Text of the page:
Donald Sobol, the creator of the beloved character Encyclopedia Brown, died last week of natural causes, his family says. He was 87. The first in the Encyclopedia Brown series book was published in 1963, and the series has never gone out of print.
Crime novelist and forensic pathologist Jonathan Hayes has this appreciation of the character Sobol gave young readers.
While other boys got hooked on books about sports legends and race car drivers, there was something about Donald Sobol's boy detective Encyclopedia Brown that spoke to me right away.
The story of how Chris Truitt went from being a tissue industry insider to an industry skeptic starts with a family tragedy.
In 1999, his 2-year-old daughter, Alyssa, died of a sudden health complication. Truitt and his wife, Holly, donated their daughter's organs and tissue, which saved the life of another young girl, Kaylin Arrowood.
Windblown villages of mud houses surround the huge Bagram Airfield north of Kabul. These poor villagers make a living in ways that can also kill them: They graze their animals or forage for scrap metal — often on a NATO firing range.
The East River Range dates to the 1980s, when the Soviet army occupied Afghanistan. It's full of mines, grenades and other ordnance that should have detonated during training exercises over the years. It sprawls along a mountainside and grazing areas. It's poorly marked, and only small sections are clearly identified by signs and concrete barriers.
In 2008, just a few days before the Democratic presidential primary between Barack Obama and Hillary Clinton in Pennsylvania, a large group of Pennsylvania voters got a very unusual phone call.
It was one of those get-out-the-vote reminder calls that people get every election cycle, but in addition to the bland exhortations about the importance of the election, potential voters were asked a series of carefully constructed questions:
Republican Mitt Romney's presidential campaign says a recently formed arm of the organization collected more than $10 million a week during a three-month period this spring. And most of the money care from high-end donors.
Romney Victory Inc., got its first four contributions on April 6 — three donations of $50,000 each and one check for $350. Since early April, it's pulled in $140 million.
The violence in Syria is increasingly being called a civil war, and it can also be called a sectarian war, because much of the fighting pits the majority Sunni Muslims against the minority Alawites who make up much of the country's leadership.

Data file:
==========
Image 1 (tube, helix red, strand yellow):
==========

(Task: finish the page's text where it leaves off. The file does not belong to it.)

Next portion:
Yet not everyone fits neatly into a category. There are some Alawites who have joined the uprising.
One 30-year-old Alawite man, who doesn't want his name revealed, is nervous as he lights another cigarette and tells the story of how he came to side with the opposition and turned his back on the Alawite rulers.
The increasing debt load of college graduates has affected young people's lives in untold ways, from career choices to living arrangements. Now add another impact on a key part of young adult life: dating and marriage.
Rachel Bingham, an art teacher in Portland, Maine, learned this a few years back, when a guy broke it off after four months of a budding relationship. Among other reasons, he cited her $80,000 in student loan debt.
"He said it scared him," she recalls, "that it really made him anxious. And he just did not want to take on my responsibility."
As legal observers have sifted through the ashes and the tea leaves of the recent Supreme Court term, one justice has stood out for his dissents.
Justice Antonin Scalia was the first name on the joint dissent filed by four justices in the health care case. But it was Scalia's dissent in the Arizona immigration case, written for himself alone, that drew particular attention, and especially harsh criticism.
Parents of U.S. students often complain about things like too many standardized tests or unhealthful school lunches. Kenya wishes it had such problems.
Kenya dropped or greatly reduced fees at public schools nearly a decade ago in an effort to make education available to all children. On one level, it's been a success — school attendance has soared. Yet this has also exacerbated chronic problems that include shortages of qualified teachers, books, desks and just about every other basic need.